John awaits my comment but will, I fear, find my response necessarily equivocal (and unnecessarily long-winded)
Please let me raise one or two points for you to ponder.
The Police don't charge independently any more. Before they can do so they are obliged to present the facts to a CPS prosecutor who then allows the charge or not. Therefore, the Police wouldn't bother preparing a case unless they thought they could get it approved by the CPS.
In addition, the prosecutor has a statutory obligation to ensure that such a prosecution passes the "public interest test" ie, is it in the public interest to prosecute the case.
The CPS advisor will make a decision based upon the case presented but the decision will be influenced by the likelihood of a positive outcome, the CPS being, overall, a risk-averse organization.
So the prosecutor will have to see if a prima facie case can be presented to the Court. By that I mean, can the prosecutor present the evidence in such a way that the Court can decide that there is a case to answer, otherwise running the risk of being roundly and robustly told to go forth and multiply by an irascible old git on the Bench
The facts are heard by people like me, and I hope those of you who know me will accept that I, amongst others, hear a great many such presentations and be assured that unless there IS a prima facie case, then the CPS, or Procurator Fiscal in Scottish jurisprudence, will be bounced out of the Court.
In the real world, the decision on a case isn't made by a faceless political bureaucrat but by people who have a solid grounding in common sense, and, if I say it myself, a great deal of experience in seeing the wood from the trees as it were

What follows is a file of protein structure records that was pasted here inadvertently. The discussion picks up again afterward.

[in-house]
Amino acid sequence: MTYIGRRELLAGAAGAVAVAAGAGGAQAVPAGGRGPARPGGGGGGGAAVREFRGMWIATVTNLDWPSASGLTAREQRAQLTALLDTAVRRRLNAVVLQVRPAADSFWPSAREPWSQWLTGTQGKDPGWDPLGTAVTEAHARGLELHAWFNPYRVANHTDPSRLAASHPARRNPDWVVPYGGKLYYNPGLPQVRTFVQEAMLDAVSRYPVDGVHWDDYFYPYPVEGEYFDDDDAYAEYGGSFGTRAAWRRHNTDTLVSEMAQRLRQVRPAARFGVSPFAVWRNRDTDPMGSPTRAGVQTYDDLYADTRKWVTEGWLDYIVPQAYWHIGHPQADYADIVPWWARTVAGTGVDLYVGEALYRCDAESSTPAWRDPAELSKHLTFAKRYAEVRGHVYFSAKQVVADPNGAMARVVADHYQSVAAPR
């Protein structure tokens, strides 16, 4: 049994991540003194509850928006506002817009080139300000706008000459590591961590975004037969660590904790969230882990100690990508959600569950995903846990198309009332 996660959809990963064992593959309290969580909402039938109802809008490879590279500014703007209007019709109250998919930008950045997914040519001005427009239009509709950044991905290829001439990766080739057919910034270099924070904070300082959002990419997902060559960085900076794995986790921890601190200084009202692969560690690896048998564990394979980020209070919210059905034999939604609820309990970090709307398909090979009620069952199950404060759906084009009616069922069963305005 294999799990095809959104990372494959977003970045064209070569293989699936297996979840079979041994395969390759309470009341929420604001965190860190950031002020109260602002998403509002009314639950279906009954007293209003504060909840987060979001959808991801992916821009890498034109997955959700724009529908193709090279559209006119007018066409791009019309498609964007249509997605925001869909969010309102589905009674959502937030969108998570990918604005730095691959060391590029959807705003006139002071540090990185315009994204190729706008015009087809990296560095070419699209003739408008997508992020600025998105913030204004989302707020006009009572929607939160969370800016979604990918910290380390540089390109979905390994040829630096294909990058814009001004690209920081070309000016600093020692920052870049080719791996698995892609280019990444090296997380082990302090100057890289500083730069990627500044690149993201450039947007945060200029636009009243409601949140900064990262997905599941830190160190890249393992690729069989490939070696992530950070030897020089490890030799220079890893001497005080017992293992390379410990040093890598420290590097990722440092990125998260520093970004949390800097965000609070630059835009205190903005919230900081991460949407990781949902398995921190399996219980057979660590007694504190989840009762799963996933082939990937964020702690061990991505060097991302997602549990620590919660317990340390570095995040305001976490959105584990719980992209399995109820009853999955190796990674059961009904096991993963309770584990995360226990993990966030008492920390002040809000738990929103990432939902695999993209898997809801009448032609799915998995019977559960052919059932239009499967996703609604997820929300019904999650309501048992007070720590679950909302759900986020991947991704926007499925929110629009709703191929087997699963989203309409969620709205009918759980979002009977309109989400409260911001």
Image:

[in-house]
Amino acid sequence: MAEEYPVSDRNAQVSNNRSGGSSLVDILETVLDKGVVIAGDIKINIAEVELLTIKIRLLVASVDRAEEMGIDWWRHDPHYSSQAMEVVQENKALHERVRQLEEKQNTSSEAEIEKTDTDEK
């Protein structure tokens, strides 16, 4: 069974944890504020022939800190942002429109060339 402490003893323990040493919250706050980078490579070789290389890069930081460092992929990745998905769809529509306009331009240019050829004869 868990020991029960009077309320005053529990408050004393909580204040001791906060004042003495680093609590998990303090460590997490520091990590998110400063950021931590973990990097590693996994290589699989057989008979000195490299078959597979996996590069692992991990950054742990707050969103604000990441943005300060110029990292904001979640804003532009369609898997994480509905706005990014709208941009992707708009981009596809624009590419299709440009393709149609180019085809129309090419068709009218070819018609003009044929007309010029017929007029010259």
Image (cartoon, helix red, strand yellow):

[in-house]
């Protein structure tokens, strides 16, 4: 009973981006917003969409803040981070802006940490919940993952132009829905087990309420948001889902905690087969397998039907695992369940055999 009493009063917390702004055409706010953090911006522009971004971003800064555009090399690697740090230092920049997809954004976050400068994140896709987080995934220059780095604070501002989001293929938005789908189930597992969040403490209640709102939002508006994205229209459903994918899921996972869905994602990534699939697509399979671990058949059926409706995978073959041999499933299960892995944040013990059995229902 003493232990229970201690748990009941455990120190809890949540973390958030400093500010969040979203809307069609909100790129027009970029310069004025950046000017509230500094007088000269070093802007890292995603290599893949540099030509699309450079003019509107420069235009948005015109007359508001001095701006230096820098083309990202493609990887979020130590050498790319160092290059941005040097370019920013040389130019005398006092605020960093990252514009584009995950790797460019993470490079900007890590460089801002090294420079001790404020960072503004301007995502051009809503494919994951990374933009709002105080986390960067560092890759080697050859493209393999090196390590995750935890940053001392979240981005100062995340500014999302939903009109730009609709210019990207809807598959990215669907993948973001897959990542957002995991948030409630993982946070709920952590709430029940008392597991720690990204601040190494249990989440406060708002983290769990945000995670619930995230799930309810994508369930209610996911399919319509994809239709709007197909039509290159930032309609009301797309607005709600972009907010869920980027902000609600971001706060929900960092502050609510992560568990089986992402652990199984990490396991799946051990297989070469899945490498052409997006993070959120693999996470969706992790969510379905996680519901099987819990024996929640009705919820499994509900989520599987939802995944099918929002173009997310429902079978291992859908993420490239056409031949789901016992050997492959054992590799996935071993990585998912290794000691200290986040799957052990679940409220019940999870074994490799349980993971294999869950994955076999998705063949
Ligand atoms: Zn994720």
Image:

My point being, that if the charge has been laid, then it will have been measured against the yardstick I've tried to explain here and that makes me think that there probably is a case to answer. I put it no more strongly. That is to say, there seems to be sufficient evidence to suggest that an assault might well have been carried out. If that is the situation, it doesn't matters not whether there was mitigation, the case MUST be tried before the Court. How, in a civilised democratic society could it be otherwise?
I don't know, any more than any other member of the public at large, what actually happened, although I've heard suggestions and speculation and seen the video which, in my view, raises more questions than it answers. Carl (Zeb), I think, made a valid point, when he suggests that the full facts are not in the public domain yet.
What I can say though, with absolute confidence, is that if a charge has been laid, then the Procurator Fiscal is satisfied that, in the real world, there is sufficient evidence of an alleged assault to put before a Court.
Please bear in mind guys, that I'm not expressing an opinion, either way, because I don't believe that I have sufficient information upon which to base an opinion, but I will, along with many others, be following the case with interest and will endeavour to obtain the transcript of any judgement or sentence which results
I hope I'm not "stating the bleedin' obvious", but that's my view as things stand at the moment